I am a great supporter of our transit drivers, but sometimes you have to wonder.
I was on a #20 earlier this afternoon heading south down Commercial. An elderly woman, obviously blind with a cane, stood up at the stop near Grant Street and asked the driver: “Is this Graveley?”
“Yes,” he said, and she prepared to get off. Three passengers including me shouted at her that we were actually at Grant not Graveley, so she sat down again.
“They are wrong,” called out the driver. “This is Graveley.” Even as we continued protesting the truth, she accepted his word of authority and got off.
As we drove on, I challenged the driver and, as we pulled into the stop at Graveley, he finally admitted that he might have been wrong.
“Oh well, never mind” he said.
I am sure that most people reading this blog hardly give a thought to electricity, excerpt perhaps when the utility bill arrive or a storm disables a few power lines for a day or two. Having electricity seems as natural and normal as breathing. But here we are, well into the 2000s, and more than one billion people still don’t have what the rest of us consider an essential necessity.
Here is a map from Virtual Capitalist showing where — mostly in Africa — the lack of power hits home.
Select the image for a larger view.
As the article notes:
“Between 2009 and 2015, solar PV module prices fell by 80%, ushering in a new era of affordability. Solar powered mini-grids don’t just have the potential to bring electricity to new markets, it can also replace the diesel-powered generators commonly used in Africa.”
Yes, there is an award for photographing historical sites. The overall winner this year is:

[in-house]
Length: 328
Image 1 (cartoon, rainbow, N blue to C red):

My own favourite of those shortlisted:
Late last night I made a Spanish treat called leche frita, fried milk. I couldn’t resist one with my tea this morning. Very good.
As our world winds
through the stars,
do we leave sparks
in our wake?
Do we leave others guessing
what voices we use,
and what good
friends we’d make?
Are we more than
a falling garnet or
just a crashing bore
for heaven’s sake?
Erica Lagalisse will be talking about her recent book, Occult Features of Anarchism: With Attention to the Conspiracy of Kings and the Conspiracy of the Peoples, tonight at the People’s Co-op Bookstore, 1391 Commercial from 7pm to 9pm.
Erica Lagalisse is an anthropologist and writer, a Postdoctoral Research Fellow at the London School of Economics (LSE), and board member at The Sociological Review. Lagalisse’s doctoral thesis,“Good Politics”: Property, Intersectionality, and the Making of the Anarchist Self, explores anarchist networks that cross Québec, the United States and Mexico to examine contradictions within indigenous solidarity activism and settler “anarchoindigenism”. The comparative work also throws into relief the idiosyncracies of university-educated Anglo-American leftists, and draws on anthropological, feminist and critical race theory to show how they have preempted the black feminist challenge of “intersectionality” by recuperating its praxis within the logic of neoliberal self-making projects and property relations.
As always, the event is free!